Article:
The easiest way around this is for you to check a connection from the pool directly, and then use the appropriate DBI transaction functions:
When you use
poolCheckout(pool) to get an actual connection from the pool, you become responsible for returning to the pool when you’re done with it (using
poolReturn(conn)). If you don’t do this, this connection will stay open (and count as a taken connection) when, in fact, you no longer need it. So this means that you lose the connection management benefit usually associated with a pool, in return for a finer level of control over transactions. However, you still retain the performance benefits, since you don’t have to go get a connection all the way to the database: you simply get it from and return it to the pool.
As of this moment, DBI’s development version has a new function called
dbWithTransaction that lets you pass in arbitrary R code and makes sure that is treated as a transaction. The advantage is that you don’t have to remember to do
dbRollback – that is all taken care of. For instance, the example above could be written as:
If an error occurs inside the body of
dbWithTransaction, the transaction will be rolled back. If everything is successful, the transaction is committed.
As soon as this new
DBI feature hits CRAN, the
pool package will also wrap it, so that you wouldn’t actually need to check out a connection directly. Instead, you will simply be able to do:
Even when this becomes a reality, however, it will still be useful to consider the first approach. If you’re working on a complicated or interactive transaction (for instance, the success of your transaction could depend on some user input), you won’t be able to do it all at once in a block of code as the example we’ve had so far. In those situations, it will be necessary to directly check out a connection from the pool and then return it when you’re done.
pool package is still hot off the press at this point, so there are some features that are still in development. Let us know if there is something else that would be important for your app that we haven’t covered anywhere.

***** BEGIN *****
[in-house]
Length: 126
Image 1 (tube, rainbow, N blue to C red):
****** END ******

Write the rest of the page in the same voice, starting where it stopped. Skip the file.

Right now, here are some of the the limitations of
pool that we hope will be addressed in future releases:
Security and privacy: You may have noticed that in all examples throughout this series of articles, we’ve hardcoded the username and password credentials to access a database directly in the
dbPool()function. If these are not read-only (and maybe even in that case), this is not a very good idea. For reasons of privacy and security, you shouldn’t read authorization arguments directly from the Shiny app. We hope to provide a friendly interface to do this in the near future.
User-defined variables: If you need to modify a connection’s default variables (which should be a fairly uncommon practice), you probably should not use the
poolpackage. For example, let’s say your database connections are, by default, encoded in
latin1, and you check out a connection and change the encoding to
As of right now, these user-defined variables don’t get reset when you return a connection to the pool. So, you either never set variables on connections, or if you do, you can never be sure if the next connection you fetch from the pool will be brand new (default settings) or a connection whose settings were previously changed. Since the latter is really undesirable, we currently recommend that you don’t use
poolif you do need to set variables at the connection level. In order for the resetting behavior to be supported by
pool, it would first have to be supported by
DBI(which in turn means that it would have to be first supported by all the DBI-compliant drivers). So, there is no telling when this difficulty may be overcome.
NoSQL databases: At the moment, both
poolonly support relational databases (like SQLite, MySQL and PostgreSQL). If you wish to integrate a NoSQL database (e.g. MongoDB) into your Shiny app, we hope that these articles will still have helped give a sense of best practices and common problems that may arise. However, the burden will be mostly on you to find out the correct driver for your database and how to do your own connection management (if you’re an overachiever, consider implementing your own backend to the
poolpackage by following the instructions on its Github page).
If you have questions about this article or would like to discuss ideas presented here, please post on RStudio Community. Our developers monitor these forums and answer questions periodically. See help for more help with all things Shiny.